There are lots of changes happening right now and with the new academic year just around the corner, most students can expect to return to new measures put in place to prevent the spread of COVID. Whilst these changes can be daunting, the pandemic has opened up many peoples’ eyes up to how things can change in an instant around the world and that it is a part of life. Especially in the case of education, everyone (students, teachers, parents/foster carers) experienced the moving of lessons and courses online and adjusted to it. My thinking is that “OK, the world is changing, things are going to be different. I want to take the changes head-on, learn new skills, maintain my education and keep going”. Whilst it will be an adjustment, I think it’s important to find alternative ways to learn.
A lot of the time we are directed about how to physically prepare for returning back to school – what we need to get from WHSmith, what we need in our pencil case, where to get your notebook and backpack. But rarely do we talk about mental preparation.
For many university students, there were hopes that the relaxation of restrictions would mean a return to a sense of normalcy but have found that their studies will largely take place online. Initially, this concerned me as I remembered much of my previous academic year was spent feeling trapped by being in lockdown. However, this time around, I’ve taken all of the necessary precautions to make sure that my learning experience will be fun, enjoyable and that I will be able to benefit a lot from it. Whilst not everyone will be returning to distance learning, a major part of the past year is assessing what was difficult about that time that you can apply to the future should any changes arise to make sure that it is a more manageable and positive experience.
I’m going to share some things that I’ve learnt so far during my experience of school (and now uni!) and what I will look to implement for the new term.
- When learning online, it is important to create a space conducive to a work environment – simply keeping your desk and floor free of clutter can make it feel like somewhere you could be productive every day. If, like me, you don’t have the physical space for a desk or study area in your bedroom – then create an invisible line mentally that divides your bedroom into “this half of the room is for relaxing” and “that half is for studying”. You need to have a way of separating that!
- Write a list of things that you need to do for the first week back – something you can tick off and have for reference. So satisfying!
- Make up a box of all the books and resources you’ll need for the term for easy access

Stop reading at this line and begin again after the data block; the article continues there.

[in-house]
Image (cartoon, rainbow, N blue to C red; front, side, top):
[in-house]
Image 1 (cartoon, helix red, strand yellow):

- Understand what you’re getting yourself in for – read through the syllabus and know exactly what you are going to be doing. If you have the time and capabilities to do so, sit down and read about what is required of you. And how much you are going to have to work in order to reach the grades you want to achieve.
- Overall, it’s really important to create a schedule and make sure that you are on time even if it’s just pre-recorded content
- Another thing that I’m doing is maintaining my mental health, making sure that I’m socially interacting and getting out and about rather than keeping myself cooped up in my bedroom. For the majority of the time, I didn’t have any escape from online learning so this time I’m going to have a really good schedule and structure and make sure that when I’m on the laptop, I’m learning. One or two hours. Then close it. Last year, I never closed it. Now, I’m going to take the precautions to prioritise my mental health, as before, I didn’t have a good idea of what I was getting myself into.
- Don’t be afraid to talk about any worries with your parents, teachers, friends or social worker (if you have one). I have a massive group chat with other students who are going through the same thing so I’m connecting with them online to make sure that we keep sharing our experiences and understanding “how are you coping with it?”. Before that, I wasn’t asking anyone else I was just going through it on my own. Why didn’t I just reach out to my classmates? I want to make sure that I’m on top of it because it’s really important.
Lastly, be proud of yourself because embracing those changes is not easy. Especially in this climate. Be yourself and mentally remember this is an experience that’s going to be challenging but you can do this!
By Jess Dobbs, Student